Why can't move element of Vector?

I am not finished the book yet.

struct Person {
    name: String,
    gender: String,
    age: u32,
}

let p1 = Person {
        name: String::from("Tom"),
        gender: String::from("male"),
        age: 44,
    };

let vec = Vec::new();
vec.push(p1);

let person = vec[0];

The last line will result in compile error. I realized the last line transferred ownership from vector to another variable, which could ruin the original vector, but still curious about what is behind the scene.

As I know we can move member of self defined struct.

You can't do a move using an indexing op because they are defined using references. Rust is notably missing a move reference, so you can't use an indexing op to move out of a vector.

You can do vec.remove(0) to take something out of a vector, or if you are removing from the end you can do vec.pop().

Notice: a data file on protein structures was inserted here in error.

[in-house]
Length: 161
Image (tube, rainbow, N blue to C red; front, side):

if indexing op are defined using references, why I must use:

let element = &vec[0];

I am aware vec.remove(0) or vec.pop() using a mutable borrow inside.

indexing is controlled via Index and IndexMut and vec[idx] is desugarred like so

*vec.index(idx)

or

*vec.index_mut(idx)

depending on context. Note the dereference at the start, this is why you must add a & to get a borrow.

For Copy types, they can be copied out because dereferencing a borrow to a Copy type copies the pointee, but if the pointee does not implement Copy (like Person or String) then it can't be copied out. So you must use normal methods on Vec<_> to move them out of the Vec<_>

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That explains the reason, thanks man.

That is correct. Move out of vector is not allowed to leave a "hole" in the vector. The reason why it works for structs is that there is only a finite small number of fields, so the compiler can track validity of each field. A vector may have 2^63 entries, and that's too much to track automagically.

You can use remove() or swap_remove() to prevent the "holes". You can use Vec<Option<Person>> and vec[0].take() to explicitly track which elements were removed.

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